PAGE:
Lesotho Safari - Complete Travel Guide
Lesotho is a gorgeous mountainous country, rich in culture and filled with wonders. From waterfalls to dinosaur footprints, this small country has an abundance of sights to see. If you’re looking for your next best adventure, this is the place to go – mountain climbing, abseiling, fantastic hiking and biking trails, and of course, the famous Basotho pony treks. While the journey to the top of a waterfall or mountain will get your heart racing, the view will leave you breathless with its mesmerizing beauty.
Best Time To Go
March – May; September – November
Average Safari Cost
$75 - $150 pp/day
Numerous waterfalls, excellent hiking and biking trails, pony trekking, Bushmen Rock Art, dinosaur footprints, Sangoma visits, mountain climbing and abseiling, botanical gardens, rock pools, canoeing, fishing and boating, Lancers Gap, Maletsunyane Falls, Valley of The Pools and more.
Why Go on a Lesotho Safari
Lesotho is not your typical safari destination – there are no big game drives, not much wildlife and definitely no Big Five.
What it does have, however, are excellent hiking and biking trails, with mesmerising vistas and a 206m high waterfall, the Maletsunyane Falls, that is perfect for abseiling. With a range of activities suited to adventure-lovers, Lesotho provides a great escape from our busy lives.
Mountain climbing at Lancers Gap to the top and abseiling down Maletsunyane Falls, coupled with a leisurely visit of nearby villages, being entertain by local bands and choirs will give you completely different outlook on Africa.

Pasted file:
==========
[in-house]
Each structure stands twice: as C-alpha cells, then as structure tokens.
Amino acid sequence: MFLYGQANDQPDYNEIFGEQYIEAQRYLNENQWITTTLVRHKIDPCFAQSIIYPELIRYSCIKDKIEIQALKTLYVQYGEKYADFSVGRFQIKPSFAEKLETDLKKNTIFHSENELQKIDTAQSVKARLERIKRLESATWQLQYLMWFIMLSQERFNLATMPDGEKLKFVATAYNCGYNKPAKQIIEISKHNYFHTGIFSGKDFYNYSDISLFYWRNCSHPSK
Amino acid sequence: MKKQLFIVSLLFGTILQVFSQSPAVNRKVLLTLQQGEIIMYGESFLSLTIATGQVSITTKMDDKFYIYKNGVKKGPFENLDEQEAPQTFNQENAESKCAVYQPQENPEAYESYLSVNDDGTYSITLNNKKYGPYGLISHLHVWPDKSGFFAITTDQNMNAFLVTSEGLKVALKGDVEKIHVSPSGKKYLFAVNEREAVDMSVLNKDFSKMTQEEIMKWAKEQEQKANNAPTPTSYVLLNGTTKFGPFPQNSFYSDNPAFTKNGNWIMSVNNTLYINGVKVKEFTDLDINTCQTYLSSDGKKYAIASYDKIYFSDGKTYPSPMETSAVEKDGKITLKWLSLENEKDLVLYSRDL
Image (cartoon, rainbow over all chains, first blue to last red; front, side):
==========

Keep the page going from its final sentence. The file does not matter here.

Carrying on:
How about hiking through the mountains, or to the top of a waterfall? You could also take a 4x4 drive through Semonkong (which translates to “Place of Smoke”) or go mountain biking (or quad biking) on the mountain trails. Pony trekking is particularly popular in Lesotho, and the trails can take you through the mountains or to the top of a waterfall.
Don’t forget to visit the Bushman Rock Art, dinosaur footprints and explore caves to see the indigenous peoples’ lifestyle, before visiting with the local Sangoma for a consultation.
There are numerous rock pools, waterfalls and gorges. In Ts’ehlanyane Nature Reserve alone, there is a valley called The Valley of The Pools, which as over 16 deep swimming holes. Fishing, boating on Mohale Dam, canoeing and swimming throughout your visit will ensure that there is never a dull moment.
There is also Katse Botanical Garden, as well as the Afri-Ski skiing resort, which is open from May to September (winter).
Lesotho is overflowing with fun-filled activities and adventures just waiting for you. However, your visit does not have to be all excitement. You could choose a leisurely museum or cultural tour as well. Or you could spend time in the remote, peaceful parks and reserves, which are particularly empty from January to May, offering privacy and beautiful scenery, in the perfect wilderness setting.
Pros And Cons
- Excellent hiking, biking and horseback riding trails
- Spectacular vistas
- Rich local culture
- Mild to moderate temperatures with little precipitation
- Very affordable safaris
- This is a nature viewing destination with not much wildlife to view
- Can get busy from September to November
Best Time To Go
Start your Namibia Adventure
Tailor-Made South African Safari